Franklin has been dragged kicking and screaming into the Super City, with many residents doubtful whether their voice will make it up the Southern Motorway and into council chambers.

Like the northernmost ward in the new council, Rodney, Franklin residents appealed to the Government to exclude their district from the new council.

The appeal failed, and resentment remains.

Some communities are still concerned that Auckland's politics will overshadow the region's needs.

Others were less sceptical.

Some traditional farming areas, such as Waiuku, have a long-standing connection with Auckland.

Nevertheless, candidates seeking the single seat in the new ward will have to convince Franklin voters that their rural concerns will be heard amid the urban majority in Queen St.

The two front-runners, Franklin District councillor Des Morrison and Auckland regional councillor Dianne Glenn, are keen to preserve Franklin's rural character and productivity while grabbing the new opportunities of being part of a larger body.

Franklin's predominantly white, older-than-average population lives on roughly 80 per cent rural land, with a main centre in Pukekohe and smaller centres in Waiuku, Karaka, Beachlands, Clevedon and Whitford.

The new ward is home to eight regional parks and New Zealand's largest steel mill.

In recent years wealthy Aucklanders have established lifestyle blocks in the district.

Its growing affluence was illustrated in 2005 by the sale of a house and land for $14 million.

But the ward also has the poorest Pakeha in the Auckland region.

Franklin's economy largely depends on its greenness - market gardens, dairy, sheep and cattle farming and forestry all thrive on the rich volcanic soil.

Mr Morrison, who is of Ngapuhi descent, said he became involved in local politics because he saw those green spaces being swallowed up.

"There was rampant and uncontrolled urbanisation sweeping down the Southern Motorway. Our role in this region is as the food bowl, and we saw that slipping away."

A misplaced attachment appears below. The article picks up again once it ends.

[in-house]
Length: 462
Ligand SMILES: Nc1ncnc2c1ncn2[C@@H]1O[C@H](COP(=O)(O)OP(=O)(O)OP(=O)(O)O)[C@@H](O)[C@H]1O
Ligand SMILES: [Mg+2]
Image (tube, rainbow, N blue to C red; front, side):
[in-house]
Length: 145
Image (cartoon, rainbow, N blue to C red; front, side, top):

After two terms as a councillor, he said, one of his greatest achievements was preserving the district's precious soil, and ensuring that growth was restricted to townships - Pukekohe, Waiuku, Tuakau, and, on a smaller scale, Kingseat and Pokeno.

Mr Morrison said the new council had to strike a fine balance. Business opportunities had to be encouraged, but not at the expense of rural productivity.

He suggested that "large footprint industries" which were in metropolitan areas could move into spaces allocated by Franklin's council around the town centres - 2000ha has already been cleared for new businesses around Pukekohe.

He felt the main issue of this election was continuity - allowing the plans of the last council to flow into the next term without a hitch. He was also keen to ensure that Franklin got a fair share of the rates pie and did not pick up the bill for urban areas.

The son of a dairy farmer, Mr Morrison became head boy of Pukekohe High School before a 32-year career with NZ Steel and a short stint in farming.

He has the endorsement of outgoing Franklin Mayor Mark Ball, a longtime friend, and the potential advantage of a political ticket - he has joined Citizens & Ratepayers so that he can align with a large party in the Super City.

Ms Glenn grew up on a poultry farm in Tuakau, and after stints in teaching and running a small business, she has established herself as a politician with a strong mandate.

In 2007 she won the ARC seat in the Franklin-Papakura constituency with 10,000 votes, twice as many as the second-placed candidate.

As the chairwoman of the environmental management committee, she has had to make some tough calls, fining farmers and loggers - the same farmers she relies on to be re-elected - for polluting waterways.

She sees herself as a tireless worker, who often clocked up 80-hour working weeks and met community boards three times a week.

Her eagerness to attend every council meeting meant she commuted every day from Pukekohe, and at one point spent $1600 a month on petrol.

It was on the 45-minute drive to Queen St that one of her most important policies was formed. She was responsible for the 0800 SMOKEY campaign to reduce diesel in fuel, and start fuel-emission testing in WoF/CoF, to clean up Auckland's air pollution.

"I was driving in from Pukekohe every day and getting asthma."

Another major achievement was securing trains for her district.

When the service from Hamilton to Auckland was cancelled, she lobbied for the Papakura train to make an extra stop to pick up a handful of Pukekohe commuters.

That service has now expanded to 20 trains a day.

Ms Glenn now wants to push through a Park-and-Ride on the western side of the railway line.

She told the Herald Franklin would not suffer by being included in the new council, because it depended on its urban neighbours for management and exports,

As well as representing the rural vote, she said she would fight to keep rates down.

Franklin did not get as many amenities and facilities as the rest of Auckland, she said, and its rates should reflect that.



* Dianne Glenn, Independent
* Des Morrison, Citizens & Ratepayers - Team Franklin
* Herman Smeets, Independent


Ethnicity: European 77 per cent, Maori 13 per cent, Asian 5 per cent, Pacific Island 3 per cent
Median household income: $66,391
Median age: 37.2 years

* From the New Zealand Herald feature, 'Super City - Election Guide'